Thursday, August 31, 2017

Beyond Compars

Scaling Card for Carl Compars Herrmann
Carl Compars Herrmann (1816–1887) was the older brother (by 27 years!) of Alexander Herrmann, and one of fifteen children of Samuel Herrmann, a physician and amateur magician.  By the age of 30, Compars was widely recognized as Europe's premier stage conjurer.

To get there, however, he pulled a few fast ones.
He became well known for his performance of illusions such as the Inexhaustible Bottle, Second Sight and a production item known as "The Portfolio," less well known is the fact that he pirated these items from Robert-Houdin, a one-time friend of Compars. He also used the title "The Premier Prestidigitateur of France and the First Professor of Magic," which proved particularly irksome to Robert-Houdin. As a compromise, Compars dropped the first half of the moniker, performing only as "The First Professor of Magic." 

As a long-time collector of throwing cards, I'd long believed that Alexander Herrmann's card was probably the rarest and most desireable of them all (In a magazine article, published years ago, collector and historian Byron Walker identified Alexander's card, and that of Buatier de Kolta as the two most valuable pieces he'd seen). Well, thanks to our friend Magic Christian, who shared this amazing throwout card for Compars Herrmann from his collection, it seems that the brothers are once again in competition.  Although I have not inspected the original, this seems to resemble a "cabinet card," but Magic Christian assures me that it was used as a throwout and business card.  The back of this amazing piece, also seen here, contains handwritten notes from an overly-enthusiastic collector who had the card sometime before Magic Christian (one legible handwritten date seems to indicate 1892). Interestingly, though Compars was known for his work in Europe, the reverse has a production stamp from a firm in New York City.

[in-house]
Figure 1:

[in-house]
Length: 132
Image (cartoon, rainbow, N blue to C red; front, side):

Studying this area of ephemera demonstrates that the amount of information on a magician's advertising piece is inversely related to the fame of the performer. Compare, for example, many of Howard Thurston's cards, which bear only his surname and portrait, to that of, say, the little-known Harry Alpigini, who can't seem to squeeze enough descriptions about his programme onto his pasteboard. 

Against that backdrop, take a look at this wonderful piece for Compars: it bears a cartoon image. Period. Neither front nor back of the card even contains his surname (except as added in handwriting by a collector).  Given that this card dates to an age before television or widespread photography, this says something: Compars must have been a supremely recognizable figure in his day.  

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